Robert Zeglovitch, The Mindful Lawyer, GPSolo Magazine (Oct.-Nov. 2006).
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Mr. Zeglovitch advocates for lawyers to practice what he calls “mindfulness meditation.” To practice mindfulness meditation, a person must mentally and physically slow down enough to become aware of movement within and around them. Mr. Zeglovitch explains that a mediation practice can benefit lawyers for the following reasons:
- Stress-related health problems, depression, and substance abuse rates are high for lawyers; meditation is proven to reduce the effects of stress, which can help lawyers.
- Lawyers measure themselves in terms of success and failure. “Meditation practice has no expectations of outcome; the goal is simply to be….Lawyers can benefit from regularly setting aside a mind consumed by winning and losing.”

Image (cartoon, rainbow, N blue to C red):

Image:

- Lawyers “are chronically on deadline and overbooked….Mindfulness meditation affords an opportunity to experience time in a completely different, non-linear way.”
- “Lawyers tend to be judgmental….Mindfulness meditation encourages the cultivation of a deep acceptance of things as they are, instead of our habitual judgment of our experience. This does not mean that the mindful lawyer stops being a zealous and effective advocate—many famous Zen masters were renowned for their ferocious presence. The practice of loosening judgment’s hold can help develop qualities that are diminished or have been neglected: wisdom, tolerance, and compassion.”
- “Lawyers are trained to think their way out of problems….Mindfulness meditation draws on innate awareness that is prior to thinking and language.”
At the end of the article, Mr. Zeglovitch offers additional information on how to do mindfulness meditation, as well as resources related to mindfulness meditation.